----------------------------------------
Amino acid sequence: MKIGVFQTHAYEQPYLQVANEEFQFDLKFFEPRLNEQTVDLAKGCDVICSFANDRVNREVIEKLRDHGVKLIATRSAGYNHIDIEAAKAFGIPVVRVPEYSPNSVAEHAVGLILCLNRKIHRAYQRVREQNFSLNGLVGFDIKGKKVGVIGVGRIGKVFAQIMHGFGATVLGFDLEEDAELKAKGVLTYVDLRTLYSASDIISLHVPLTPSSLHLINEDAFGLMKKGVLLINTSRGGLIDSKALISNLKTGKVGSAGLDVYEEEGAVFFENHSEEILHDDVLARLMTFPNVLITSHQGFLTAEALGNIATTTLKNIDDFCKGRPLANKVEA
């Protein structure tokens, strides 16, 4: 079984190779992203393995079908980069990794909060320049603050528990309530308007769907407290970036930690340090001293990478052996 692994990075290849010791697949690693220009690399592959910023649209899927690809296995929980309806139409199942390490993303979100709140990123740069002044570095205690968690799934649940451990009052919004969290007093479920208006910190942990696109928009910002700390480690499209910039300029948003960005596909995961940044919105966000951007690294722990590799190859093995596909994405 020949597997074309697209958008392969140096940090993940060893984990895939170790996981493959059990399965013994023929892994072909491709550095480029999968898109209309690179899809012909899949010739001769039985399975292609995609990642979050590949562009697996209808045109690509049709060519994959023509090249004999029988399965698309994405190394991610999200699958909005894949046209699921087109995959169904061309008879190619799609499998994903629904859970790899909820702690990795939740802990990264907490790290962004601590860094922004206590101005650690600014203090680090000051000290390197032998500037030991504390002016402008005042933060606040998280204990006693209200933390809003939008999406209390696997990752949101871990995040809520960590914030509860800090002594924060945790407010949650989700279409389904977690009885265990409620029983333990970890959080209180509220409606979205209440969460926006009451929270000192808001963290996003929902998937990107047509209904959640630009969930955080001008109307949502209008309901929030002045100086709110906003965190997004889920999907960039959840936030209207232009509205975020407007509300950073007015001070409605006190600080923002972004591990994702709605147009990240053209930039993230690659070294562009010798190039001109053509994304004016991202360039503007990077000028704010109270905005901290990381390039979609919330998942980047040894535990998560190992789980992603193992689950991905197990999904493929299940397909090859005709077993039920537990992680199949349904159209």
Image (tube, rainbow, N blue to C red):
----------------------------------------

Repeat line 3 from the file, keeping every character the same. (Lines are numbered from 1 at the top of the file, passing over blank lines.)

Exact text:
Image (tube, rainbow, N blue to C red):